Generally, the Introspector does not always work perfectly and is easy to break - it's a static analysis tool so it gets confused by function pointers and cannot infer anything that happens at runtime, like when your code is heavily using C++ classes or a hashtable for lookups. In case of X.509 code, however, it may work fine - function pointers are mostly used by the ASN.1 code for its internals (which we actualy do NOT want to fuzz or review in most cases) whereas the core top-level logic is reachable by direct function calls from the entrypoint - a good candidate for static analysis.


If we had the harness which could theoretically reach X509_verify_cert

  • Add well-formed (encoded) ASN.1 elements to the dictionary file (-dict= option for libFuzzer). This one is currently not used by the OpenSSL fuzz/, but at least oids.txt is used by OSS-Fuzz as the dictionary.
  • Add well-formed X.509 certificates which make use of the "name constraints" field. And strictly speaking, all other fields too - instead of just storing the libFuzzer-generated corpus in the tree, it would be better to manually provide various inputs exercising difficult functionality. However, as libFuzzer is spending far too much time on ASN.1 and is overloaded with "features", this will likely only uncover new issues during long (days) runs on ClusterFuzz. Whereas parsers for individual leaf functions, as demonstrated by Hanno, can find (some) bugs in mere seconds.

Thanks to:

Hanno for his twitter thread for motivating me to look into this.

My colleagues for introducing me to the Introspector tool.

P.S. Linking to my evergreen tweet

Friday, August 13, 2021

building CLVK OpenCL support for Android phones + OpenCV notes

Compiling CLVK for Android.

Many Android devices, especially Google Pixel, ship without the OpenCL library.
At some point I needed OpenCL for my OpenCV prototyping, and I was also interested in using either CU2CL or a similar project to run CUDA code.
Needless to say, as soon as I saw a project which promised to implement OpenCL on top of Vulkan, I decided to see if I can run it on Android.

It worked fine, although my approach was kind of nasty: integrating the project along with its LLVM library into the app code. That was good enough for prototyping, although the debug binaries took a few hundred megabytes.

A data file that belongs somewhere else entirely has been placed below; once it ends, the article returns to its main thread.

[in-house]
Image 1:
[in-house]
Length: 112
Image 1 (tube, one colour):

I've added instructions to cross-compile this project for Android.
Additionally, I wrote a simple Android app to demonstrate how to integrate the pre-built
OpenCL library and how to deploy the OpenCL compiler ("clspv" binary) to the device.

Two example OpenCL apps are compiled: "clinfo" which prints some basic information and "BitonicSort" from Intel OpenCL demos.
FWIW both of them work so it's a good start.

Also, it might be curious to compare the run times for this app on the phone with CLVK and on the desktop with native OpenCL drivers and with CLVK + RADV.
It seems that on desktop CLVK with RADV is 10 times slower than the native driver.

However, since RADV or any other Vulkan driver uses most of the same LLVM-based codegen as the native OpenCL drivers, this difference is very likely caused by some hardcoded allocation size or another similar parameter rather than some major architectural issue.
I have not looked into it yet for lack of time though.

  • ARM Mali G72 MP18: 96.818924 ms
  • Qualcomm Adreno 630: 33.18 ms
  • AMD RX480 with CLVK and RADV: 7.491112 ms.
  • AMD RX480 with ROCm OpenCL driver: 0.651121 ms.

OpenCL with CLVK on top of Android GL driver on a device with no OpenCL

OpenCL with CLVK on top of Android GL driver on a device with no OpenCL

Not a real fix, but that's enough to make most OpenCL samples run.

Building OpenCV with OpenCL support for Android.

For my personal project in 2016 I needed to check if it is possible to use the GPGPU accelerated version of OpenCV that is implemented using OpenCL on Android phones.

OpenCL SDK for Android.

Where to get the SDK? Welp. Build one yourself!
To make OpenCV recognize our SDK and build successfully, we need the following things:
  • - can be empty, but the OpenCV build system needs it to be present
  • Khronos OpenCL headers - can be gathered using OpenCL headers and CL-CPP SDK.
  • The loadable dynamic libraries - can be pulled from the device. Generally you can use one from any other device with the same architecture because the ABI and API is the same as it is defined by the OpenCL standard.
Here is how out "SDK" tree should look like. For the time being I only used the "armeabi-v7a" architecture, but one can also add the 64-bit binaries to the "arm64-v8a" directory. I've put up the "SDK" to GitHub, but only the header part (which are publicly available from Khronos). You will need to find the "" yourself. (If you're using Google Pixel with MSM8996, you can take the proprietary binaries from Xiaomi Mi5 or Zuk Z2 Pro).

├── include
│   └── CL
│       ├── cl.h
│       ├── cl.hpp
│       ├── cl_d3d10.h
│       ├── cl_d3d11.h
│       ├── cl_dx9_media_sharing.h
│       ├── cl_dx9_media_sharing_intel.h
│       ├── cl_egl.h
│       ├── cl_ext.h
│       ├── cl_ext_intel.h
│       ├── cl_gl.h
│       ├── cl_gl_ext.h
│       ├── cl_platform.h
│       ├── cl_va_api_media_sharing_intel.h
│       └── opencl.h
└── lib
    └── armeabi-v7a


Building OpenCV with OpenCL support.

The most important change is to actually enable the OpenCL on Android in CMakeLists.txt:
+OCV_OPTION(WITH_OPENCL "Include OpenCL Runtime support" (NOT IOS AND NOT WINRT) )
I also had to disable some warning flags and unsupported compiler options in "OpenCVCompilerOptions.cmake"

Compiler Options.
Extra debugging.
CMake options.

Please also see the following blog which describes building OpenCV with OpenCL, although not the case when you don't have a ready-made SDK:

OpenCL without root.